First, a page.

Novo Nordisk, Eli Lilly lead industrywide sales surge in Q4

In a year that started with more than two-thirds of biopharma companies posting year-over-year revenue declines in the first quarter, it has finished with an about-face for the industry as evidenced by quarterly reports presented over the last few weeks.

Of the industry's 25 most valuable companies that have revealed fourth-quarter results, 20 delivered a year-over-year increase in sales in the final quarter of the year, with 17 of those showing growth of at least 6%.

And of the five companies that posted year-over-year revenue declines, it wasn’t all negative news; four saw sequential revenue increases from the third to the fourth quarter.

The industry’s top revenue gainer in the fourth quarter was Novo Nordisk, which posted a 37% year-over-year sales increase. In three of the four quarters of 2023, the Danish company delivered the sharpest revenue increase among biopharma's top 25 companies ranked by market capitalization.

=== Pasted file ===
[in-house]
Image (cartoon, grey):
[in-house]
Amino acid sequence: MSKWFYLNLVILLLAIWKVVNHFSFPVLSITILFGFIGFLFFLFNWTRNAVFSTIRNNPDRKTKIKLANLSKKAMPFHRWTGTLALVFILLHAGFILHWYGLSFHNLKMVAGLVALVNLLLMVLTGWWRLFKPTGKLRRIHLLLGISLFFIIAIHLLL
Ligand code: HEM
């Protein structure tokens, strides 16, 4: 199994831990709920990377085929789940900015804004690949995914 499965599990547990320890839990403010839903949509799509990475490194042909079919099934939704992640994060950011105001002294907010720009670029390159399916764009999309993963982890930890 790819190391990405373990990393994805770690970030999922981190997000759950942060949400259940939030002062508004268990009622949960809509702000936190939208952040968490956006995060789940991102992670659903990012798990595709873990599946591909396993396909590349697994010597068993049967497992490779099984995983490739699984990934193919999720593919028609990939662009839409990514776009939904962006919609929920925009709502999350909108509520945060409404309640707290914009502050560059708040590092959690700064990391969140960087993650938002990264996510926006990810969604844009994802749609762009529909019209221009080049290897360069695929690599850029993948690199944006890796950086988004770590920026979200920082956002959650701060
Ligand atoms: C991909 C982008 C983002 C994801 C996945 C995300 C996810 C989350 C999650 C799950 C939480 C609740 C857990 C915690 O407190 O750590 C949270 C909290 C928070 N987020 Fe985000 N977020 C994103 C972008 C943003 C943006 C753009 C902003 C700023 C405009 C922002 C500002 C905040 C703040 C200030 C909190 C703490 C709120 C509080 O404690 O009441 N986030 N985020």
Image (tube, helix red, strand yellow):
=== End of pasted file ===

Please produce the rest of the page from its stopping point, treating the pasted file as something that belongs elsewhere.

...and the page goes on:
For the full year, Novo delivered a 31% increase in sales, reaching 232 billion Danish kroner ($33.7 billion). The haul vaulted the company into the industry's top 12 in annual revenue after Novo ranked No. 17 in 2022.

Accounting for 55% of the company’s sales in 2023 were diabetes and weight loss drugs Ozempic and Wegovy. The GLP-1 treatments racked up combined sales of $18.4 billion, up from $9.3 billion in 2022.

Mimicking the success of Novo was Eli Lilly, which managed a 28% revenue increase in the fourth quarter, also due largely to the booming demand for its metabolism-regulating drugs. While diabetes med Mounjaro generated sales of $2.2 billion in the quarter, obesity offering Zepbound pulled in an additional $176 million after its approval in November.

Despite the close attention the weight loss drugs have garnered, Lilly’s performance surprised analysts, such as Lee Brown of Third Bridge, who noted that Mounjaro “crushed” the consensus of $1.75 billion.

Lilly’s performance throughout last year was the biopharma industry in a microcosm. The company posted an 11% year-over-year decrease in revenue in the first quarter, which was attributed to declining sales of COVID antibodies. By the fourth quarter, Lilly's year-over-year increase was well into the double-digit percentages.

A few other companies—such as Merck, Roche, AstraZeneca and Gilead Sciences—also reported declining sales figures during the first quarter of 2023 because of a drop in COVID product revenue.

Other big gainers

Unlike the first quarter of 2023, when Novo was the only company in the industry with a double-digit revenue boost, several drugmakers scored big gains in the fourth quarter, including Daiichi Sankyo (26%), Amgen (20%) and Teva (15%).